Donald Kaufman on Choosing Colors
"The best advice I can give," Kaufman says, "is to use as few colors as possible. Try to calm it down."
By Ingrid Abramovitch
When the Metropolitan Museum of Art was looking for a palette for its newly renovated American Wing, it turned to a master colorist: Donald Kaufman. Finding a single shade that works equally well with a Trumbull or an Eakins is all in a day's work for Kaufman, who, along with his wife and business partner, Taffy Dahl, is one of the nation's preeminent color consultants. Since founding his firm in 1976, Kaufman has achieved almost mythic status as a color guru, selecting the tones for everything from art collectors' homes to the offices of high-tech firms. "The best advice I can give," Kaufman says, "is to use as few colors as possible. Try to calm it down."
- I started out as a fine artist. I was teaching art at the University of California in Berkeley and painting houses on the side. I realized that commercial paint needed some help. I could tint it the same way that an artist tints colors to create more luminosity. All our paints have a full spectrum of pigments.
- Fifty percent of the time, Taffy and I are color referees. Our clients call us shrinks. We negotiate between architects and clients, even husbands and wives. We all perceive color differently. For instance, men are much more likely to be deficient in the red-green range than women.
The Perfect Hue
- The right color is always under your nose. Philip Johnson asked us to help choose colors for the Da Monsta building at his Glass House campus in Connecticut. The building had two sections. We told him to make one side red, the other black — both hues are part of the New England vernacular. Another time I was searching for the right green for a client's barn. I noticed a Dumpster on her property: There was the perfect green. We matched it, and it turned out to be a gorgeous barn.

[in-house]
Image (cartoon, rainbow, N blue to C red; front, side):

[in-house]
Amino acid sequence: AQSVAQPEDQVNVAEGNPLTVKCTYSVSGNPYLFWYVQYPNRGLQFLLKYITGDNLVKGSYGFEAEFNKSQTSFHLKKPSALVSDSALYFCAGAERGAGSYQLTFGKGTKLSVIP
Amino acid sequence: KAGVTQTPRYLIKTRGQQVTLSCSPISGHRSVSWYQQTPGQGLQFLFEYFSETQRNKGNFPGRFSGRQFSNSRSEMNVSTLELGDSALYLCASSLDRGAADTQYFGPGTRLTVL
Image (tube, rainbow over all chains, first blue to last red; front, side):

- Warm neutrals are the safest choices, which is why they represent 90 percent of the paint sold.
- Black is my favorite color. A library can be incredible in black. A friend in Palm Beach did a room with a white-marble floor, white ceiling, and glossy, black plaster walls hung with incredible art. It was the chicest thing I have ever seen.
World of Paint
- One of my paint dealers joked that paint used to be a race to the bottom; now it's a race to the top. Any company's top-end paint is a good product.
- Skilled painters prepare and plaster a wall before they even begin to paint. We work with one painter who applies six coats of primer beforehand.
- To take the guesswork out of choosing a color, paint a swatch on the wall near the floor. Then drag over a chair. Put your hands around your eyes to zero in on the vignette. That's your color story.
- Color names are extremely dangerous, which is why we use numbers instead. People see color differently because of names. Beige is undervalued because the name has a bad association. Mint sounds like the color of a hospital, but call it "faded eucalyptus" and people love it.
- One of our best sellers is a white we call DKC-5. Mariette Himes Gomez compared it to Chanel No. 5.
1. Use like intensities: If you have gray-green in one room, don’t put bright green in the next room.
2. Acknowledge local conditions and adjacent structures. To find a color for the exterior of your house, check out your neighborhood.
3. Spend time looking at all the elements in a space — furniture, windows, the color of the floor.
4. Use complementary colors. Get a color wheel. If you have yellow walls in a kitchen, use a pale blue in the dining room.
5. Tone it down. Find the color chip you think you want, then look for a quieter version, as it will look much brighter on the wall.
6. Dark colors make a small room feel larger. They make the walls recede.
7. The cost is in the labor, not the paint. So go for the gold in materials.
SOURCE: Elle Decor